There could be 25 million online college students by 2015, according to research.

Low-cost online courses could help higher education from becoming the next economic bubble that bursts and inflicts fiscal pain on institutions, investors, and students, said educational technology experts who want more inexpensive options for those seeking a college degree.

Economists and financial analysts first warned about the growing higher-education bubble in 2009. The bubble, they said, is fed by rising tuition, increasing enrollments, and crushing school debt that often can’t be paid by recent graduates who can’t find a good-paying job in a down economy.

And just as Americans were urged to invest in tech companies before the dot-com crash of 2000, or to buy property while housing prices skyrocketed in the mid-2000s, Americans are encouraged today – by everyone from family members to lawmakers – to sign up for college classes, even if it requires massive loans.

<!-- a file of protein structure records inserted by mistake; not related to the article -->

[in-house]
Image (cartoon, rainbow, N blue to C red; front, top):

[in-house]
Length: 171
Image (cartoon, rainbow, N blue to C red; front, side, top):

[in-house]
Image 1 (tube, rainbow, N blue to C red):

For-profit colleges’ expansion of online education has helped feed the sector’s massive growth, but it might be web-based education that prevents the disastrous effects of a burst economic bubble, educational technologists said.

Students could earn degrees for a fraction of the current costs if more than just a handful of colleges and universities embraced free open-source educational material and created web-based classes that didn’t include the technological bells and whistles that cost so much, said Shai Reshef, founder of University of the People, a free online school launched in 2009.

“Universities are conservative,” said Reshef, whose university has enrolled 900 students in 115 countries. “They’re not very open to new methods of delivery … and they too often feel they should have best-looking technology, filled with interactivity and multimedia options and other [features].”


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